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What size photos should I provide my PR agency, media outlets, printers, and other vendors?

By Christie Parhiala

Understanding image quality is essential


A computer monitor with an image being edited displayed on it.Sending images to a news outlet or vendor may seem like a simple task, but it’s importance can often be overlooked. The image quality you provide can affect whether or not a reporter chooses to cover your story. 


Images are measured by DPI or dots per inch. A high DPI references a high-quality photo. 



Raster vs. vector 

Raster images are made up of tiny pixels that blend together to make an image, which is what we know as photographs. When zooming in, a raster image will lose its quality as the pixels blur. A common software used to create and edit these images is Adobe Photoshop. 


Vector images are created by using shapes to create paths of color. Since the user decides where color will be placed and there are no pixels, the images are less complex than raster images. Vector images can be magnified infinitely without losing their quality. Vector images typically include logos and text. With the use of Adobe Illustrator, you can create new content or turn an existing photo into a vector image.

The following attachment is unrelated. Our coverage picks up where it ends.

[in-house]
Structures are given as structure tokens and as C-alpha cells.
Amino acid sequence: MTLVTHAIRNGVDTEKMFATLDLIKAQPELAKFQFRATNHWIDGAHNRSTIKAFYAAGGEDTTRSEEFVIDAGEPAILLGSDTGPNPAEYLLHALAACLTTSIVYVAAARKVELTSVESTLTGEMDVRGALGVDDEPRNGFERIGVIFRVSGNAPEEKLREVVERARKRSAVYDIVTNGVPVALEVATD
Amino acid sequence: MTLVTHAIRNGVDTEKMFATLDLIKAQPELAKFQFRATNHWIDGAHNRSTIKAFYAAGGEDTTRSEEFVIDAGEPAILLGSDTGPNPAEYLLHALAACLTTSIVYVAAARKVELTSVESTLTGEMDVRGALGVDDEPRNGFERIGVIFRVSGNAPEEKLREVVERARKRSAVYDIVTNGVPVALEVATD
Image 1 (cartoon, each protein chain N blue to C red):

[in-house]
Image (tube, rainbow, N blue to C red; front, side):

After you’re done editing a photo, you can change the file type depending on what you created. Changing the file type will blend all the photo’s layers and text into one cohesive image that cannot be altered, creating a smaller file size. When saving a duplicate raster image from Photoshop, use a JPEG file type. When saving a vector image, use a PDF file type to make your artwork accessible across multiple Adobe platforms. 


Checking DPI

Confirming the DPI of an image is easy and doesn’t require advanced software. Simply go to your files, right-click the image, and select “properties.” When the window opens up, click on the “details” tab, and the DPI information will be listed in the section labeled “image.” Listed below are the minimum DPI requirements for a high-quality image per medium: 

  • Websites: 72-88 DPI
  • Print newspapers: 100-150 DPI
  • Print magazines: 300 DPI 
  • Television: 4K DPI

With this knowledge, you can check image quality to ensure you’re sending high-resolution photos for the specified medium. Although it doesn’t guarantee you’ll get coverage or land a client, it certainly helps knowing how to manage images. This skill is a necessity when working in public relations. 


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Christie Parhiala is a fall intern at Axia Public Relations. She is currently a public relations and marketing student at the University of North Florida. 


Photo by Danny Feng from Unsplash.

Topics: media relations, public relations, earned media

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